Eric Meier at fffriedrich / Frankfurt am Main

Eric Meier
Don’t worry, there will be more problems.

Curated by  Malina Lauterbach & Dierk Höhne


fffriedrich, Alte Mainzer Gasse 4-6
Frankfurt am Main

Dialogue between
the artist Eric Meier and the curators Malina Lauterbach and Dierk Höhne
were born in East Berlin in 1989 and grew up in Frankfurt (Oder). What
significance does your biography have for the investigation of supposedly
‘typical‘ East German sensitivities?

EM My biography is
clearly the starting point for my sensitivity in dealing with this topic.
My work is derived from that. Family experiences, the environment of an East
German small town, the current political situation and how to deal with it, to
name just a few points. All of that is reflected in it.

I understand my
photographic work as a search for the metaphorical potential of images. But I
never start thinking, I still need this or that. It comes to me. The slightly
ruinous and worn out attracts me. Social criticism is, I believe, inherent in
the places themselves, which remain anonymous, fragmented and fragmentary. In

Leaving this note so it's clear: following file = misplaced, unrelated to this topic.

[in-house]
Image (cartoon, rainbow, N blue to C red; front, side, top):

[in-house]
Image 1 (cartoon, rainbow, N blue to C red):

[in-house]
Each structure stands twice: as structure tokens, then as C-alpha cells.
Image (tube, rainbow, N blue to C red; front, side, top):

the context of the exhibition, lines, correlations and reading directions are
certainly of a political nature, too. Another approach is that of archiving.
The (building) material in public space is disappearing. At the same time, the
pictures speak of the past and the present alike. It is not about reality or
truth. It’s about my identity, which is shaped by such an environment that is
still part of a collective East German identity even after 30 years.

If so, then the
irony for me is in the ‘typical’ German gesture of ‘Verschlimmbesserung’
(improving things for the worse). The dedication of each garage owner to design
his / her gate. Also in the ‘German Angst’ as described by psychology: an
unexplained, apparently obvious fear of loss of property, which is reflected in
the appearance of the gates. “THOR” also means ‘Thor Steinar’, the widespread
neo-Nazi clothing company from Königs Wusterhausen, and at the same time refers
to the abuse of Germanic mythology by the Nazis, which perverted them as
‘primordial German high culture’. In the mythological moment there is also an
unexplained ‘behind’. The awareness that the NSU used such garages to build

photography ends, spatial work begins: sculpture, object, text, etc. I find
this interaction very appealing. To quote from a place or an environment with
pictures and to carry this mood further into the room in which the depicted
material appears physically deformed or fragmented. I then understand the
exhibition like a cosmos or a setting.

For me, the
materials create different levels of meaning. Concrete e.g. is an architectural
reference, a cheap material, a display for an urban situation. I use collected
schnapps bottles for the glass work. Through fragmentation and melting they
lose their original shape and practically dissolve. This results in new
(Translation: Klaus-R. Voss)